Revalidation announcement by GMC
To retain your license to practice you usually need to have an appraisal every year and to revalidate every five years. The GMC says, “Revalidation assures patients and the public that doctors remain up to date and fit to practise, in line with the standards of practice required in the UK. It is founded on the principle that you have met the professional expectations placed on you as a doctor practising in the UK. You have a professional obligation to give an honest and comprehensive picture of your whole practice for revalidation.”
How to revalidate
Regulations require you to engage with the following revalidation processes:
Your revalidation recommendation
Multi-source feedback for revalidation
Formal Multi-Source Feedback (MSF) is a requirement of medical revalidation and must be undertaken once in each revalidation cycle. The General Medical Council (GMC) says that for your revalidation you must collect, reflect on, and discuss at your appraisal feedback from patients and colleagues across the whole scope of your practice.
Where a doctor does not provide medical services to patients there is no requirement to undertake a patient feedback survey but all doctors must undertake colleague feedback and the GMC says that the questionnaires should be validated and independently administered whenever possible to maintain objectivity and confidentiality.
Many colleague feedback tools that are currently used for revalidation may not be optimally suited to clinical informaticians for various reasons including a focus on clinical contact with patients.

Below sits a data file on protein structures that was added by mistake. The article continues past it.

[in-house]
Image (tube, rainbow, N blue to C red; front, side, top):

FCI has developed a colleague feedback tool for medical revalidation which meets GMC criteria and reflects the values and principles of GMC’s Good Medical Practice. The tool may be suitable for all doctors whose scope of practice includes clinical informatics, whether or not they provide medical services to patients.
Some designated bodies may mandate a particular MSF tool and doctors can discuss with their appraiser whether the FCI-approved MSF is appropriate for them. If there is any doubt doctors should confirm that the responsible officer is content. John Woodhouse, suitable person, accepts a range of MSF tools and has supported the development of the FCI-approved MSF indicators.
In seeking colleague feedback for revalidation purposes, you should try to ensure that you ask a range of colleagues that is representative of the people you work with and across the scope of your practice.
GMC requires that the MSF process includes a supported discussion either through appraisal or a separate feedback session. FCI advises that you include in your appraisal portfolio some written reflections on the feedback you have received, ready to discuss at your appraisal.
The FCI-approved indicators were developed iteratively from the core GMC indicators, with particular thanks to the Faculty of Occupational Medicine and members of the FCI education and standards committee. The aims included keeping the number of indicators low and the rating scale simple and that the tool should be equally suitable for those that do and don’t have direct contact with patients. GMC guidance on the development of questionnaires was reviewed for compliance.
The MSF is available at https://www.fourteenfish.com/join/fci. Registration is free and there is a nominal charge for the survey which is payable once the survey is complete and you want to view the results report. FourteenFish Ltd is a small UK company that specialises in providing appraisal toolkits and did not charge a set-up cost to FCI. A 10% discount is offered to FCI Members and Fellows.
The MSF tool will be kept under review, if you would like to provide constructive comments on it, please contact FCI.